Works for acid tab storage too.
In part one I give some background on the book and publisher Malcolm Whyte explains how it came to be. The material Todd covers is a very eclectic mix of ancient myth, fantasy, horror, sci-fi, pulp, children’s literature, and even poetry (Lewis Carroll, whose work was a drug culture keystone). Many of the works represented, including Lovecraft’s Dream Cycle, had recently seen new editions as part of Ballantine’s popular Adult Fantasy series.
Congrats to Eric Self, Charles Nilsen, and Don Gates, the first, second, and third place winners (respectively) of 2 Warps to Neptune’s second quiz!
Eric got a perfect score—30 out of 30. He guessed on a few, he says, and it helped that the Thriller CD has been in his car since last October. Charles got 23 out of 30, and Don got 19 out of 30. Thanks for playing, everybody. Next time I’m going to do something a little different, so stay tuned.
Here’s the answer key to quiz part deux:
- b (Donkey Kong Jr.)
- a (Belloq in ceremonial robe)
- Pyromania by Def Leppard
- c (Cthulhu Mythos) Note: as Glen B. pointed out via email, it was actually the third printing that was missing the Cthulhu Mythos.
- a (Krull)
- b (Ronin)
- f (Atari 7800)
- c (Five)
- b (Gorf)
- Angel, Beast, Cyclops, Iceman, Marvel Girl
- e (The Pick-up Artist)
- c (The Fall Guy)
- b (Micronauts Rocket Tubes)
- b (Parker Stevenson)
- f (Tom Savini)
- g (Camelot 3000)
- Wanna Be Startin’ Somethin’, Baby Be Mine, The Girl is Mine, Thriller, Beat It, Billie Jean, Human Nature, P.Y.T. (Pretty Young Thing), The Lady in My Life
So very interesting. Steve Ditko created the Dr. Strange character in the early ’60s, and Stan Lee introduced the “Master of Black Magic” in Strange Tales #110 (1963). The Ditko/Lee creation was a reflection of the uncanny times, a generation’s embrace of all things mystical and occult. Here Irons simultaneously appropriates the Marvel “property” (there is no mention of the company or the character name) while emulating Ditko’s style and the spirit of his and Lee’s Sorcerer Supreme. Irons did at least three posters for Space Age.
California Hall is a San Francisco landmark and makes an appearance in Dirty Harry (1971) in the scene where Callahan talks down a suicide jumper.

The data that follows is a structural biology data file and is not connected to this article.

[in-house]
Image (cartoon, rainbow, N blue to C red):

Berkeley Con was the first underground comix convention. It ran from April 20 through April 22, 1973 at the UC Berkeley campus and featured Jaxon, S. Clay Wilson, Trina Robbins, Greg Irons, and Larry Todd, among several other now-legends. (Bob Foster posted several photos from the con here.) The Irons button—punk before punk—was actually the three-day pass to the event.
Greg Irons, you might remember, illustrated the hell out of The Official Advanced Dungeons & Dragons Coloring Album (1979) for Troubador Press, one of TSR’s first licensed products. I like to imagine an alternate universe where TSR hires Irons, who collaborates with Erol Otus on a series of trippy modules centering on raucous, transdimensional pirates and the sentient treasure they’re chasing. The duo eventually take over the company by sheer force of guts and talent. TSR is bankrupt by 1983, but Christ, who cares?
Irons left behind a huge body of work—he’s revered as a tattoo artist as well, so ‘body of work’ carries a significant double meaning—for someone who died so young (37).
(Image via Hake’s)
The 1972 Alice Cooper calendar (close-up below) hanging on the door in the seventh photo came inside his 1971 Killer LP. That’s how I nailed down the year. Also, the “Mary, Mary, Quite Contrary” and “Patience My Ass” black light posters are by Art Bevacqua, copyright 1971, and the Dancers of Mali (little poster in third photo) toured the U.S. in ’71 and ’72.
I still haven’t got the location, although I know there’s something here to give it away. There’s a Courier-News clipping in the second to last photo, a New Jersey newspaper. It ain’t Princeton. The accommodations are not nearly posh enough and the kids have too much character. Rutgers? There’s also a Courier-News in Elgin, Illinois. Let me know if you know or have an idea.
(Photos via eBay)
Meet Grimlin. He’s a level 13 lawful good Elf Lord with a passable 1,900 hit points and 1,500,000 experience points. Trey tells the epic tale at his blog, From the Sorcerer’s Skull, and has a separate post about his cousin’s old school dungeon map, which contains a tower filled with “vestal virgins & such.”
There’s a lot to love about Grimlin and his myriad possessions (and “henchmen”), and everyone is going to have a favorite bit. For me, it’s the parenthetical four words under experience points on the bottom right of the second page: “(has been to college)“!
Send it all to PlaGMaDA, Trey! Grimlin deserves nothing less than immortality (although, honestly, he’s pretty much there already).